A first-degree skin burn usually heals within a week, leaving minimal scarring. These burns don’t need any medical attention. The burn may require medical attention and proper treatment if it is severe. Whereas severe burns may take a long time to heal, after appropriate first aid and wound assessment, the procedure may involve medications, wound dressings, therapy and surgeries. It usually takes more than nine weeks to recover. 

Consult with our Doctors and get First Aid for First and Second Degree Burn

When to Consult a Doctor?

It is suggested to consult a doctor in case of a burn, depending upon the degree of the burns.

In case of first-degree burns, patients must get first aid and get treated by using OTC tubes.

When it comes to second-degree burns, it is recommended to talk to your doctor for better treatment.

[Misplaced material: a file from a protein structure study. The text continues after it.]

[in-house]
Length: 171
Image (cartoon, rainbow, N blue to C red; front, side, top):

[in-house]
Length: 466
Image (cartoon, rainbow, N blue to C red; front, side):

If you are seeking the proper treatment for burns, then your doctors online team has a professional doctors team that can treat your wound in the most efficient way!

FAQs About First and Second-Degree Burn Answered By your Doctor Online Team

Can I cover a first-degree burn?

A superficial burn can be treated at home with a clean, non-stick, and sterile bandage. If blisters occur, let them heal on their own.

Do burns need air to heal?

No burns do not need air to heal. Air can further damage the tissues as burns are considered open wounds. They heal better in a moist environment.

Can a second-degree burn be treated at home?

You can treat a second-degree burn at home. Use antibiotic ointments and special dressings to treat a second-degree burn at home.